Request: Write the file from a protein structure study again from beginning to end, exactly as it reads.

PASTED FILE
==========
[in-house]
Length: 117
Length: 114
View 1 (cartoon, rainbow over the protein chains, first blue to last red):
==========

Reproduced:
[in-house]
Length: 117
Length: 114
View 1 (cartoon, rainbow over the protein chains, first blue to last red):